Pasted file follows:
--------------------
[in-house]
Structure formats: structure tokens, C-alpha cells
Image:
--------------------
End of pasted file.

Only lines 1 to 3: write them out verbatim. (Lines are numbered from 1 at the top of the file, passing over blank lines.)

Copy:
[in-house]
Structure formats: structure tokens, C-alpha cells
Image: